I like to give each student individual attention which is why I limit my class size to a maximum of 4 students.



Payable via this link.

Questions - Text (956) 492-7140 for a callback or pino@ArtByPino.com.


Rani Rupamati Mosque, Khanpur, Ahmedabad

Rani Rupamati Mosque, Khanpur, Ahmedabad


  • What are the goals of the AHPP?

  • Who is behind the AHPP?

  • How will the photographs be displayed?

  • How Can I Help?


Goals of the AHPPs:

showcase the architectural treasures of Ahmedabad to the world,

educate younger generations of Indian origin on the history and architecture of the 606-year-old city located in the western state of Gujarat,

reach out to the Non-Resident Indian's (NRIs) or the expatriate community of Ahmedabad around the world who often times yearn to get a glimpse of places where they spent their early years.


The AHPP project is a labor of love project of photographer Pino Shah, who was born in Ahmedabad and where he did his middle and high schooling.   Pino started the photography of Ahmedabad and surroundings in 2009 and since then, has visited India every year to continue the AHPP.  To date, 8,700+ photographs are in the collection.  Starting November 2017, Pino will be traveling to Ahmedabad for two months to conclude the photography.


The AHPP will maintain a growing collection of photos and information for buildings and structures that are historically and architecturally significant in the Old City of Ahmedabad, in the New City of Ahmedabad and within a day's travel from Ahmedabad.  The photographs will be available in a searchable online database, in print and eBook formats, through photography exhibitions, and as photographic prints.  Sample images can be viewed in the database at www.artbypino.com/ahmedabad.  Due to the high piracy rate and lack of respect for authorship rights in India, all images will be watermarked in multiple ways.  Occasionally, this may result in an obtrusive rendering of the image of a structure.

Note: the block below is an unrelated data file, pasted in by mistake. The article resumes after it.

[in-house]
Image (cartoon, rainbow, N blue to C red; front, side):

The Digital Project: Everything starts with the online database. Basic information will be kept in this searchable online location and updated as new structures are added to the project.  The goal is to make the AHPP Digital Project the leading visual resource for Ahmedabad's rich world heritage architecture.

Book: The print edition will cover he Old City and historic neighborhoods outside the Old City but, within the city boundaries of Ahmedabad,  the architecture in the New City and the architecture of locations within a day's trip of Ahmedabad such as 'Adalaj Ni Vav,' 'Rani Ki Vav,' 'Modhera Sun Temple,' 'Baroda,' 'Sidhpur,' etc.  

The book and eBook published is being designed to appeal to the current, “Heads Down” generation, with vivid, full-page photographs and clear, easy-to-read text. To see similar format publications, click here. eBooks will be available from Amazon Kindle and Apple iBooks.

Exhibitions: Exhibitions will be held in the USA, in Ahmedabad & Mumbai, India and other locations globally.  Stay tuned for dates and locations, subscribe here.